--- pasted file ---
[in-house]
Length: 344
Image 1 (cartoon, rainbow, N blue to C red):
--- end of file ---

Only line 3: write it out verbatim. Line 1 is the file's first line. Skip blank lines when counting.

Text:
Image 1 (cartoon, rainbow, N blue to C red):